Rae-Anne Cohen, a Phd student based in the Centre for Public Policy Research, is researching the experience of Black students in elite universities in London, particularly their emotions and how they navigate a higher education system historically built on ‘whiteness’.
Rae-Anne’s research is underpinned by Black feminist thoughts, as she finds that “Black feminist thinkers give you a unique perspective that questions the dominant narrative.” She says it is thanks to this unique lens, that “I can shine a light on something that has been hidden or ignored – in my case, on the emotions that arise in Black students when having to deal with structures that are just starting to recognise their institutional racism.”
Rae-Anne is part of the first intake of the Harold Moody postgraduate research scholarship scheme, which King’s launched in 2021 and provides full funding for a four-year PhD to Black Home PGR students in arts, humanities and social sciences.
Rae-Anne’s principal supervisor, Dr Ayo Mansaray, is planning a new research project to understand the impact of the Harold Moody Scholarship, along with other similar schemes in other UK universities, on addressing the low numbers of Black academics. “These new schemes, by contributing to tackle racial injustices, are trying to address the pipeline issue when it comes to the proportion of ethnic minority lecturers in academia,” Ayo said. “I will be exploring how students on the schemes experience them, and question what we can expect to change from schemes like this.”
Ayo, who is Lecturer in Sociology of Education & Policy, has recently completed a project looking at race and health education, in collaboration with the King’s Medical School. The project identified the factors that often lead to more negative outcomes for Black students, including institutional factors and work culture, but also issues linked to their access to network, to financial resourcing, and the development of their ‘cultural capital’. ‘Cultural capital’ is a notion developed by French sociologist and intellectual Pierre Bourdieu, whose work Ayo has found instrumental to unpack the systematic nature of racialised inequalities – even though Bourdieu himself never studied race.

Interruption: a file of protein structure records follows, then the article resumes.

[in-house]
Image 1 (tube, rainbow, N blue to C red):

For Dr Antonia Dawes, Lecturer in Social Justice, “anti-racist work” to make an impact on society and lead to a better world is at the core of all her research. “I see my work as anti-racist work, part of a collective endeavour,” she explains.
While she’s conducted ethnographic studies, both in multi-ethnic street markets in Naples and of the military presence on Salisbury plain, she is “an uncomfortable ethnographer” due to the historic ties of the discipline with the colonial era. “As ethnographers, we have to reflect on our stance and use this methodology instead as a way to speak back to power, by surfacing counter-narratives,” she says.
The methodology of choice for Dr Aisha Phoenix, also Lecturer in Social Justice, is intersectionality, as “it encourages a focus on how people’s characteristics, such as ethnicity, gender and religion, work together to advantage or disadvantage them.”
In May 2022, Aisha was awarded a UKRI Future Leaders Fellowship to understand colourism among young people in the UK. Conducting the study in secondary schools, she and her research team will explore how gender affects experiences of colourism, considering how dark and light skin are viewed differently on men and women. They will also examine how experiences of colourism vary between people of different ethnicities, and how characteristics such as skin shade, hair and facial features, racialisation and gender work together to affect the degree of discrimination people of colour face.